I didn’t grow up in a home with rigid, religious rules, but my parents came of age in the late 1950s, so they share many moralisms with Quiverfull (QF). I remained an only child, enmeshed with my fear-driven mother, and retreated to Christian school when I failed to integrate easily into the wider world. My parents whose good favor I never attained were zealous to see me launch successfully into adulthood ASAP, so in that sense, their agenda bore no similarities to QF.
Perhaps that’s why I was shocked when I binged on the first season of TLC’s new show, Welcome to Plathville. I watched one episode of the new show about Kim and Barry Plath’s QF family, curious about the plausibility that season two will include the Rodrigues wedding. While I can barely endure such shows, I found this show compelling. I watched its unlikely protagonists and their challenges emerge as four of the eldest Plath children embark upon adulthood. I see Kim as the antagonist who projects onto her children her own life and fears. She uses tight control of her family like an addict uses a drug to ward off pain. Her husband Barry seems like her supporting actor, and my husband even commented on this predictable dynamic that we’ve seen among our QF friends.
Sixteen-year-old Moriah’s personality doesn’t meld well with the QF ideal, and I revisited feeling undesirable and rejected by my parents, just as she expresses. I also heard the echoes of my mother who always referred to her desire to be an excellent parent as a sufficient solution to all of our conflicts whenever my needs presented too great a challenge. Kim seems completely unwilling to consider that her approach to preparing her other children for adulthood hasn’t worked well for Moriah, and she defines Moriah as the problem.
Kim and Barry also characterize their new daughter-in-law, Olivia, in much the same way, claiming that she has damaging character flaws. Olivia who married the eldest Plath son becomes the fulcrum for Kim who blames her for changing their socially isolated family. These alleged flaws have more to do with control of the over-spiritualized preferences of their burgeoning adult children. Olivia responds to the criticism with a statement that I love: “I can’t change the essence of who I am.” Kim expects that Olivia will alter her identity (‘character’) to fit the Plath norm, and she uses access to the younger children as a tool of manipulation. Kim casts it as an issue of parental authority, but it quickly plummets into a demonstration of control through conditional love.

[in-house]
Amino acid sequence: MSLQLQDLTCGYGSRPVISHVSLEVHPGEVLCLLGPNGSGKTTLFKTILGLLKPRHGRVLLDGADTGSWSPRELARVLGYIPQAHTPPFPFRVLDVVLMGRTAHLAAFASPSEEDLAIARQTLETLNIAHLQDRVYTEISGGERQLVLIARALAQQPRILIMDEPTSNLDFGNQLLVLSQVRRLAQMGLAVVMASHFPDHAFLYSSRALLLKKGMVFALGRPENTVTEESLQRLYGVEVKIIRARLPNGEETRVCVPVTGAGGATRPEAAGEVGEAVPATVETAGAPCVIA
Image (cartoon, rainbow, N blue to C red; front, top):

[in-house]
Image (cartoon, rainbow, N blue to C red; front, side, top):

Media suggests that Ethan and Olivia will not participate in the second season of the show because of these difficulties. I’m glad that they did the show, though. Ethan and Olivia model a kind, Christian example wherein they assertively declare their feelings, wants, and needs in a healthy attempt to negotiate their relationships with the family. QF parents see the show as a demonstration of ‘bitterness’ which they abuse as a thought-stopping cliché, but I see a model for kids that will help them move forward in hope when they get the chance. Ethan and Olivia become the true protagonists whose honesty outshines all else, and I could not be more proud of them.
Cindy is a nurse who was raised in Word of Faith, a Second Generation Adult of cultic Christianity. She and her husband dabbled in Calvinism and Theonomy as a foil to Christian anti-intellectualism, and they were exit counseled together when the walked away from a church that embraced Gothard’s teachings. Cindy escaped many Quiverfull pitfalls but became a social pariah for failing to birth a family. She’s been decrying the abuses of the Patriarchy Movement since 2004, and she writes about spiritual abuse at her blog, Under Much Grace. Read more about her here.
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